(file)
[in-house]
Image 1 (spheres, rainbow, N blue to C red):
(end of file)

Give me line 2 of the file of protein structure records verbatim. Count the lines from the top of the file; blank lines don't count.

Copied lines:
Image 1 (spheres, rainbow, N blue to C red):